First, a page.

Lesbians find sexism a bigger barrier to work success than homophobia, says a new report on lesbians in the workplace by British LGBT rights group Stonewall.
The report, titled The Double-Glazed Glass Ceiling, features interviews with lesbian and bisexual women from both the private and public sectors and discusses their experiences, perceptions and expectations of the impact that their sexuality might have on them at work.
The majority of the women interviewed, felt that being a woman was of greater importance and significance to their experience of the workplace. Their sexual orientation was seen as secondary, and they could hide their identity as a lesbian if they wanted to.
However, for those who have felt able to come out at work, the personal and professional benefits have been considerable.
Participants who were confident about their sexual orientation, and saw being a gay woman as something positive, generally felt that being a lesbian or bisexual woman gave them a distinct advantage in the workplace.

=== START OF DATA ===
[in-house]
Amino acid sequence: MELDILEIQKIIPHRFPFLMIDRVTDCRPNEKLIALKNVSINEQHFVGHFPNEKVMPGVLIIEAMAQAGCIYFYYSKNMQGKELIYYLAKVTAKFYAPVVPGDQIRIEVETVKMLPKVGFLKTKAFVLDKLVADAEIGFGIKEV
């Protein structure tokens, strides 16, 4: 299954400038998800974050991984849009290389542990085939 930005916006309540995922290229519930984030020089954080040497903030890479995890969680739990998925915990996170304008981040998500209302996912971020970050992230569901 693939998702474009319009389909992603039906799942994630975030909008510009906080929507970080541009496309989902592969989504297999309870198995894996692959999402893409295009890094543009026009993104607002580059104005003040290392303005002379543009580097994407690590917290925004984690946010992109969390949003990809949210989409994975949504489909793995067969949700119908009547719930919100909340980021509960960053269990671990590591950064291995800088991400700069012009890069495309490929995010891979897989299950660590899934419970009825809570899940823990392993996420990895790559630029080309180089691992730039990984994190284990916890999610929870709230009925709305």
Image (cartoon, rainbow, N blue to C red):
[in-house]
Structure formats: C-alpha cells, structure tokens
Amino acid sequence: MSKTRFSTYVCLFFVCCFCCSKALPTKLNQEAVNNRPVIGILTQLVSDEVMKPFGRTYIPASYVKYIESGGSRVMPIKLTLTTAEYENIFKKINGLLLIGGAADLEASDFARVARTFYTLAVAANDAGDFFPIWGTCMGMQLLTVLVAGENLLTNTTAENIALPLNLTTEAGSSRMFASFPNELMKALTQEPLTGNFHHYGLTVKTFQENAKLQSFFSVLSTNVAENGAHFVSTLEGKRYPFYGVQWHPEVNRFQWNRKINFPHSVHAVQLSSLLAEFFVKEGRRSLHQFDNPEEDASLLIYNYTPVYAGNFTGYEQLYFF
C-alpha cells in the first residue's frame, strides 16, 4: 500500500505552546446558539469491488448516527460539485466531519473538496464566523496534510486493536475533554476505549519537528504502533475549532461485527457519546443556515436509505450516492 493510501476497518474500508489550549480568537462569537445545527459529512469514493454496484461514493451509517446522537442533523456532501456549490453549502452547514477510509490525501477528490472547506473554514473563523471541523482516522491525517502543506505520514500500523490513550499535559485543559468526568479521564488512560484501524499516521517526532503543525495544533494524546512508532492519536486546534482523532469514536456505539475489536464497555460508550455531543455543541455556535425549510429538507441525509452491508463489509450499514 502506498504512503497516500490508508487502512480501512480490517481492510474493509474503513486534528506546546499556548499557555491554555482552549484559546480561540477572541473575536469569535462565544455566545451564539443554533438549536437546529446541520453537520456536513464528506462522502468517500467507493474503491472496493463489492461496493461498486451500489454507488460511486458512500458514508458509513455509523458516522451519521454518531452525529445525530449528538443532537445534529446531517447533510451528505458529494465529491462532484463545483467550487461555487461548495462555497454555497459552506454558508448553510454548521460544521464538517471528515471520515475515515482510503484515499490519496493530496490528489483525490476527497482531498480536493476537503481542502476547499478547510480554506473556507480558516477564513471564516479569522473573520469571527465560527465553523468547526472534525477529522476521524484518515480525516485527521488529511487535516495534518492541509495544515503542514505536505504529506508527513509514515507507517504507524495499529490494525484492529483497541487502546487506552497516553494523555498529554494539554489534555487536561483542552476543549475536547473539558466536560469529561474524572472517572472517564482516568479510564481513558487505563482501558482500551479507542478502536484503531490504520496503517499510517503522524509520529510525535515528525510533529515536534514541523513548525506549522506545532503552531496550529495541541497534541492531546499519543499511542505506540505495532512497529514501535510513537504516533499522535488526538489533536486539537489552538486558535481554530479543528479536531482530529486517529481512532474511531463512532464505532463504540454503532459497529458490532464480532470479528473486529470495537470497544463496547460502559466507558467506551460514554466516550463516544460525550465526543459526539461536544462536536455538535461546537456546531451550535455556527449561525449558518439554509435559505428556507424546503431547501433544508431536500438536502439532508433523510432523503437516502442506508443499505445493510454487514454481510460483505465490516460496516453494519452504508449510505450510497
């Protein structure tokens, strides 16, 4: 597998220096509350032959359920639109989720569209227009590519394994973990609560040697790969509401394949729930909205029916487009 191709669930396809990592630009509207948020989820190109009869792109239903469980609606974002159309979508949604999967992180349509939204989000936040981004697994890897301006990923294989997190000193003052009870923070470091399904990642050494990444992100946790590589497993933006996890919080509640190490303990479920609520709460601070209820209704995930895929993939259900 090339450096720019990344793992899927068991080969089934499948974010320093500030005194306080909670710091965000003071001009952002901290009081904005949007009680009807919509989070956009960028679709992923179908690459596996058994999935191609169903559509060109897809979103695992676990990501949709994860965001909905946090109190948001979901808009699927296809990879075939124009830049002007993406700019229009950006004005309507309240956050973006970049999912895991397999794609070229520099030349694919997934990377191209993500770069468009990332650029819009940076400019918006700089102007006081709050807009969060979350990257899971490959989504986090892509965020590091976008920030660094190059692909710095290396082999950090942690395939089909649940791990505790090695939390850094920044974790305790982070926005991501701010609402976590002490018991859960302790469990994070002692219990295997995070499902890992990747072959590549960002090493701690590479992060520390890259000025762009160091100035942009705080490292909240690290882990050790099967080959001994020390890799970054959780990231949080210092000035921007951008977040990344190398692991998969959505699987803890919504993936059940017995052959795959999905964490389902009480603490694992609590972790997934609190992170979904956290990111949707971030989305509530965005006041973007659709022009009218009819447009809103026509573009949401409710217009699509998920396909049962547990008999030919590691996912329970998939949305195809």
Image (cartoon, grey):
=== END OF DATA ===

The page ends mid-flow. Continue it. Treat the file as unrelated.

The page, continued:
“Women know that in 2008 the glass ceiling is very much still in place. What this report shows is that for lesbians, that glass ceiling is double-glazed,” said Ruth Hunt, Stonewall Head of Policy.
“It’s no surprise therefore that Britain’s two million lesbians remain almost invisible at work. In publishing this report Stonewall wants to see that change.”
Interviewees pointed to a lack of openly gay women in the workplace, with many expressing the opinion that such role models made a crucial difference to the confidence and profile of lesbians and bisexual women in working environments.
Among the recommendations made by the report are that employers should promote career development opportunities to lesbian and bisexual women and encourage them to develop confidence and assertiveness.
It also recommends that employers should support and enable lesbian and bisexual senior members of staff to be out and involved in awareness raising initiatives.